The criticism that ensued after Naomi Osaka’s courageous and deeply personal decision this past weekend provides a great example of how stigma is ever-present in conversations centered on mental health. She was fined, publicly called out by event organizers, dragged on social media where she experienced name-calling and comparisons to other athletes – and most disturbing, the authenticity of her mental health struggles was questioned. The world watched the scene unfold, including individuals with mental health struggles of their own. If Osaka opted out of the competition for a sprained ankle, a pulled muscle or another physical injury, it is hard to imagine the reaction would have been the same. So why do we question, shame and point a finger when the ailment revolves around mental health?
In the sports world, this example is all too familiar for athletes at all levels, particularly women athletes, who have long struggled with the pressure, anxiety, stress, discrimination, public scrutiny, body shaming and burnout that often accompanies participation in competitive sports. A study published in 2011 determined that 20 percent of women athletes had at least one mental health disorder, compared to 15 percent of men. Women were 1.3 times more likely to be diagnosed with at least one condition and 56 percent more likely to have suffered from an anxiety disorder in their lifetime. Sports and physical activity are supposed to provide positive mental health benefits — they have been shown to reduce stress and anxiety, improve social-emotional skills and increase self-esteem. But when sports programs put competition above well-being, the result can be detrimental.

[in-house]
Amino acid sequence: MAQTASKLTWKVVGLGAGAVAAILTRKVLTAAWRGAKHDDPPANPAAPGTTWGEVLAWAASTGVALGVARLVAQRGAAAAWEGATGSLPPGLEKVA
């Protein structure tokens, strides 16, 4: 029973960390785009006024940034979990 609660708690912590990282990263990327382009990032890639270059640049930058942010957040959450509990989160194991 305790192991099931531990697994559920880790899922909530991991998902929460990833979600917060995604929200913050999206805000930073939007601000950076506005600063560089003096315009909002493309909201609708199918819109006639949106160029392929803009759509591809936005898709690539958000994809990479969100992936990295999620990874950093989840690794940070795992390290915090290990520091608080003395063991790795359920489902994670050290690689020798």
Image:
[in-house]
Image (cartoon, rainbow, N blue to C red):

Given the state of mental health across the U.S. pre-pandemic and the rising rates of mental health conditions during COVID-19, it is time for a robust re-evaluation of how we — as individuals, as a nation and as a global community — value, invest in and discuss mental health. One action we can all take is to address the stigma around mental health. Last year, NRPA released the Parks and Recreation: Addressing Stigma Associated with Substance Use and Mental Health Disorders resource. The resource outlines different constructs and types of stigma that exist, while providing nine practical recommendations for how to break down stigma.
Rather than being victimized, Naomi Osaka, and others making courageous decisions for themselves and their well-being, should be taken at face value, applauded and supported. Osaka’s decision provides an opportunity to openly discuss mental health, educate ourselves and others, promote equality between mental and physical health, practice compassion, and choose empowerment over shame. Although we’ve made progress in building awareness and understanding around mental health, the events of this past weekend (which ironically occurred in the immediate days following Mental Health Awareness Month), illustrate that there is still much work to be done. The more we listen, empathize and lift up conversations about mental health, the more we can normalize it and ensure that the 1 in 5 people struggling with mental illness can access the treatment, resources and support they deserve.
Allison Colman (she/her) is NRPA’s Director of Health.
Teresa Morrissey (she/her) is an NRPA Program Manager.